But Eric Pratt, the spokesman for the Gun Owners of America, had a different explanation for Reagan's support of an assault weapons ban - senility.
When asked about Reagan's position on gun control during an appearance Wednesday on MSNBC's Andrea Mitchell Reports, Pratt responded that Reagan had only supported gun control measures "in his later years."
Andrea Mitchell: What’s the problem with registering a gun? If you have a bushmaster... first of all, why would you have a bushmaster...
Pratt: President Reagan owned an AR-15.
Mitchell: And he supported gun control. He advocated…
Pratt: In his later years. We have to keep that in account.
Mitchell: In his later years he was almost killed by John Hinckley.
Pratt: But all through his presidency he opposed gun control, that’s my point.
Pratt is wrong on the facts. Reagan signed the Firearm Owners Protection Act into law in 1986, which “banned ownership of any fully automatic rifles that were not already registered on the day the law was signed.”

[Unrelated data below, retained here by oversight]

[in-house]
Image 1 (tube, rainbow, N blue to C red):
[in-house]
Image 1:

Regarding handguns, Reagan stated, "This level of violence must be stopped...If the passage of the Brady bill were to result in a reduction of only 10 or 15 percent of those numbers (and it could be a good deal greater), it would be well worth making it the law of the land."
Reagan also wrote an op-ed in the New York Times in 1991 titles "Why I'm for the Brady Bill," expressing support for a seven-day waiting period on handgun purchases. As governor of California, Reagan signed a strict 15-day cooling-off period into law.
In 1994, Reagan joined other former presidents Jimmy Carter and Gerald Ford in a joint letter to the Boston Globesupporting the Assault Weapons Ban, saying, "As a longtime gun owner and supporter of the right to bear arms...I am convinced that the limitations imposed in this bill are absolutely necessary."